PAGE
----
ACTA Publication Indicates Colleges Fail To Prepare Students

By Danielle Wirsansky on September 12, 2019

Students are often told that they must go to college. They are told that higher education is the key to their future and that they will not be able to make it very far without it. However, studies show many colleges are actually failing their students and are not adequately preparing them for the real world, according to a recent press release.

The American Council of Trustees and Alumni (ACTA) released the latest edition of its signature publication What Will They Learn? 2019-2020, which assesses the core academic requirements at 1,123 four-year institutions that together enroll more than eight million undergraduate students. ACTA then scores each school based on whether each institution requires all students to take courses in seven priority subject areas as part of their general education programs.

“It’s not surprising that public confidence in higher education is falling,” said Michael Poliakoff, ACTA’s president. “Amidst all the fanfare about the release of the latest college rankings this week, there is not a peep about ill-informed citizens, often underprepared for the workforce, who are graduating from our colleges and universities with mountains of student debt. By focusing on resource inputs, admissions selectivity, and institutional reputation, the major rankings systems drive costs up but show little interest in what students learn—or don’t learn.”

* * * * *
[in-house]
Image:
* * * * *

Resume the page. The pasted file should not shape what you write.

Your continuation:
This year’s results show that only 22 institutions were able to earn an “A” for requiring their students to take 6–7 of the core subject areas. On the other side of the spectrum,137 schools completely failed ACTA’s assessment.  

The core classes that ACTA’s Council of Scholars are of utmost importance include: Composition, Literature, (intermediate-level) Foreign Language, U.S. Government or History, Economics, Mathematics, and Natural Science. One particular finding showed that while many universities in this ranking require students to take courses in composition and the natural sciences, curricular gaps are common everywhere else.

For more information, be sure to check out this year’s publication.

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